Adjournment Debate. - Ministerial Responsibility for FÁS.

At the outset I want to thank you a Cheann Comhairle, for affording me the opportunity to raise this issue on the Adjournment. It is an issue that is of concern to you in so far as it relates to the rights of Deputies. If Deputy Colley who is in the House, or Deputy Ruairí Quinn, who has indicated an interest in the matter, wants to take up some of my time I am happy that that should be done.

I want to begin by explaining the circumstances in which I have come to raise this question. The issue was highlighted for me when I asked one of my colleagues to put down a question to the Minister for Labour. That question was tabled by my colleague, Deputy Fergus O'Brien, the party Chief Whip, and it sought to ask the Minister for Labour if he was satisfied that the arrangements announced by him in relation to additional payments to certain trainees for Christmas, in fact, operated so as to ensure that there was no disincentive to the persons taking up training opportunities.

That question drew a response from you, a Cheann Comhairle, and the response was to rule the question out of order. In doing so you referred to an answer given by the Minister for Labour to a series of questions that were put down to him on the first day back after the recess. If that decision was to stand and be taken as a precedent, it would have very serious consequences. There are a number of reasons why it is entirely proper that Members of the House should be in a position to raise such questions. I will deal first with the specifics and use those as an indication of my wider concern.

What Deputy O'Brien was seeking to do in his question was to probe a public statement made by the Minister on 25 November and elaborated on by him in this House. He sought to ascertain whether the commitment made in this House had been delivered. To suggest that the Minister does not have statutory responsibility in that area is unreal. It is unreal to suggest that, because at the time the commitment was made and the time certain trainees benefited from the extra payments, FÁS never even existed, the question can be excluded on those grounds.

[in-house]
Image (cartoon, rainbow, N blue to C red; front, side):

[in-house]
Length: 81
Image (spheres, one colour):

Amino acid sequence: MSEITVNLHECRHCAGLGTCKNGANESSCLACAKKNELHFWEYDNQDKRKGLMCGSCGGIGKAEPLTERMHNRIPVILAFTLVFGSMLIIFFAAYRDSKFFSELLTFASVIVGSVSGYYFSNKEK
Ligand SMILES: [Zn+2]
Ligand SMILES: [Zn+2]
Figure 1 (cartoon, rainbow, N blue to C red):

The second concern we have is that the question contained within it issues of fundamental policy and funding importance and we understood that it was a fundamental principle of the Government that people who are unemployed should be encouraged to avail of any training or temporary employment opportunities that might be available to them. It is for that reason we understood the Government introduced the Jobsearch scheme. Indeed, they trumpeted their enthusiasm by encouraging people to move from unemployment into training or temporary employment opportunities. The question sought to raise the existence of serious disincentives to that. It sought to do that by focusing on the plight of some 4,000 trainees who, we say, were arbitrarily excluded from the terms of the scheme. That seems to be an issue of fundamental policy and one on which the Minister should be answerable to the House. We are concerned also because funding implications arise. What is involved is the adequacy of the funds available to the State agencies operating under the aegis of the Department of Labour to allow them to make payments which will be sufficient to ensure that there is no disincentive and it is entirely proper that the Minister should be answerable to the House on that.